I could theoretically put $11,000 on the cost of goods sold on "Schedule C" for my business, then I go in in my personal income under capital gains and I put in the appropriate numbers in there, which then would be the capital gains of $10,000, and then I pay tax on that capital gains, instead of paying it as a part of my business income.
In that respect, I've essentially canceled out all of the income relevant to my business with cost of goods sold and put that in directly to capital gains while getting that "1099-K" form to my business.
What's challenging with the taxes is this is very much an artwork. We have a lot of choices as to how we can go about reporting things. While the IRS provides clear guidelines in some places for a lot of things, it's not precisely clear exactly what to do.
Different Certified Public Accountants provide different answers, and then the answers may vary by state as well depending on whether state taxes are involved or not. The IRS changes things from year to year too meaning one year it was appropriate to do it this way, the next year you have to change it.
Therefore, with the taxes, in my opinion, the key thing is to do our best in honestly reflecting our income, to report our income and our profit, especially for a business, in a way that's accurate. In other words, if we get audited and if we didn't put things in exactly the right spot, but the numbers come out correctly, then it's all good.
The place the IRS has a problem is when we've screwed around and under-reported, or failed to report our income, or done our accounting in such a way as to artificially reduce our tax burden.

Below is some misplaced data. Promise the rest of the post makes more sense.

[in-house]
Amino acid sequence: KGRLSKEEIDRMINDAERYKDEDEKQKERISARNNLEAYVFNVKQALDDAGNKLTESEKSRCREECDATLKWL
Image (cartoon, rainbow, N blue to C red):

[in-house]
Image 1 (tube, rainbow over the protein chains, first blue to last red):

I do my best to pay what is right.
Now, I want to pay the lowest tax possible and at the same time, I want to pay an amount that I feel good about. An amount that if there is an audit I feel good about.
I say, "Look, I know I did this to the best of my ability. I intended to pay every dollar of tax I was responsible for and I intended to do my best to minimize my responsibility just through, however I set things up. For example, to make sure I include all my advertising expenses."
Some business owners are not aware of all the things. I was not aware of some of the things you could deduct as an expense related to your business when I got started.
Using things like capital gains.
It's better to buy something and hold it for a year and sell it at the capital gains rate than it is to just buy it and trade it back and forth. You have to sell it at full income. Using that as the strategy to reduce income is totally legal and therefore you want to do that whenever possible.
For cryptocurrencies, for example, it's better to buy and hold something for a year, and then you can sell it at most likely a much lower tax rate. That is reducing your tax burden and tax liability through smart planning.
Therefore I try to use a combination of smart planning, accurate accounting, to report my income and also not to trigger any automated problems with the IRS, and so I can sleep at night.
When I get a letter from the IRS with questions, it's no problem. I got one letter because I had two businesses open and PayPal sent the income to one and I put the income on another. The IRS was confused. I sent a letter back saying I already paid that on this other business and they quickly verified that.
Then, I don't have to be afraid. I know if the IRS wants to see my full books, they can have everything, there's nothing to hide.
I hope this has been useful for you because I googled a bunch on this particular subject: 1099-K, 1099-Miscellaneous, double income reporting, Coinbase 1099-K.
I couldn't find a lot of good information about it.
I've produced this with the hope that this is good information and it's a helpful part of your research if you're doing your own taxes or trying to help someone else out with theirs.
Thank you very much for watching.